North Korea test-fired two short-range ballistic missiles toward its eastern waters Tuesday in Pyongyang’s second show of force this week, officials said, a day after the beginning of U.S.-South Korean military drills that the North views as an invasion rehearsal.
South Korea’s Joint Chiefs of Staff said in a statement that the launches were made from the southwestern coastal town of Jangyon from 7:41 a.m. to 7:51 a.m., and it assessed that the missiles flew across North Korea before landing in the sea off that country’s east coast.
The Joint Chiefs of Staff said the South Korean military had boosted its surveillance posture and maintained readiness in close coordination with the United States.
Pyongyang could further escalate its weapons tests over the coming days in a tit-for-tat response to the allies’ military drills, which are planned to run until March 23. Last week North Korean leader Kim Jong Un ordered his troops to be ready to repel what he called the “frantic war preparations moves” by the country’s rivals.
On Monday, North Korea said it had test-fired two cruise missiles from a submarine, the first time it is known to have conducted a launch of that type. Its previous underwater launches all involved ballistic missiles. It was also the first time North Korea fired multiple missiles from a submarine in a single launch event, observers said.
The North implied the cruise missiles were being developed to carry nuclear warheads and claimed that the latest test verified the posture of the country’s “nuclear war deterrence.”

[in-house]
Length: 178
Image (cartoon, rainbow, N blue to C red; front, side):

North Korea acquiring submarine-launched missile systems is an alarming development for the United States and South Korea because launches would be harder to detect and it would provide the North retaliatory second attack capability.
Experts say it would take years, extensive resources and major technological improvements for the heavily sanctioned nation to build a fleet of several submarines that could travel quietly and reliably execute strikes.
The U.S.-South Korean joint exercises that started Monday are the largest in years and and included a computer-simulated command post training. The drills are designed to sharpen the allies’ response to North Korea’s growing nuclear threat and other changing security environments.
The countries have been expanding their drills since last year as North Korea test-fired more than 70 missiles in 2022. Those included intercontinental ballistic missiles with the potential range to reach the U.S. mainland and short-range, nuclear-capable missiles that could target South Korea.